I finally got tickets to see Oppenheimer in 70mm IMAX later this month. I’m excited about seeing a theatrical presentation on film, which is a surprising rarity in Canada these days.

Over the past few years, I’ve gone to the theatre less and less often. Less than a decade ago, I was going once every week or two. This year, I’ve seen a handful of releases (we saw Barbie twice), but we often strategically wait to see something when it releases on home video.

The reason for this is simple: outside of sheer size, most modern TVs are better than theatres in every object measurement. My wife and I are fortunate enough to have a surround sound system in our home, and we have a big 4K HDR OLED TV in front of our couch too. The visual experience (size of the screen notwithstanding) is much better than what you can get in most theatres.

Most movie theatres, including Premium Large Format screens, do not project in HDR. They can’t. Projector bulbs can’t get bright enough. Some laser projectors can get in the ballpark, but they’re exceedingly rare. (If you live in Toronto, the Scotiabank IMAX theatre has a dual laser 4K projector that is very bright. That being said, the last I heard was that the theatre was due for demolition so they can build condos there instead, so enjoy it while you can.)

Because the projectors are so dim, they are only projecting standard dynamic range. They often project a 2K version of the film (just above the resolution of 1080p). If you’ve ever sat up front at an older theatre (perhaps one built before Avatar came out), this is why you might have noticed pixellation.

The cameras that filmmakers use to make movies, though, shoot in HDR. It’s not a feature they need to enable. They simply capture more dynamic range than a theatre can support.

A high-end cinema camera might capture seventeen stops of exposure. Your average SDR presentation can present three of those seventeen stops. A digital presentation in SDR is prepared to show you everything within those three stops, and any other information is jettisoned from the image. (This is why studios are eager to re-sell you films you already own in HDR — this is the first time they’ve been able to present the whole negative.)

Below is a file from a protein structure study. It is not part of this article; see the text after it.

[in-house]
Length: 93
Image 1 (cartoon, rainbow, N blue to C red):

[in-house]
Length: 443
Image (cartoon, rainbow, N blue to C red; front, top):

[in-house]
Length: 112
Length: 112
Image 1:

For a lot of films, this isn’t as big a problem as it might sound. Good cinematographers are aware of the limitations of film production, and use a lot of lights to make sure that the dynamic range in their presentation is not beyond what most screens can show. (Roger Deakins, who has shot films like Skyfall, Blade Runner 2049, and Sicario, is amazing at this.)

But there are advantages to a wider range of presentation for any film. Jaws is a perfect example: it doesn’t have a huge dynamic range, but there are still lots of reflections of the sun on the water, and it’s nice that those reflections can get brighter and more like what you’d see on celluloid. Lawrence of Arabia was shot in the desert for a year, in gruelling conditions. It’s a very bright film. It’s wonderful in HDR, simply because it benefits from the wider dynamic range of that presentation.

For that reason, I can tell you Barbie is going to look wonderful in HDR too. Both my wife and I immediately recognized that some shots in Barbieland looked almost underexposed in both screenings we saw. I am certain that they had to compress the range of these sequences to preserve the highlights in the sky. Skin tones are a little darker on occasion, but unlike the real world, which is grey and dull in Barbie, Barbieland is always bright and colourful, and the sky is always lit up like a rainbow. It’s going to look great in HDR.

Back to Oppenheimer: After years of watching things on our HDR TV, I’m excited to see a real film projected on a big screen. The film reel can support a wider range of dynamic imagery than a digital SDR presentation, which I imagine is going to shine, particularly in the black and white sequences.

I’ve been disappointed in theatres for years. When film directors talk about how you need to get to the theatres to see their films, I think most people roll their eyes. But that’s only because the current method of theatrical presentation is so far behind the advancements in home cinema that, for most of us, there really is no reason to go to the theatre unless we need to see a movie the second it’s available.

My hope is that Oppenheimer in IMAX 70mm is a noticeable improvement. I’ll report back after I see it.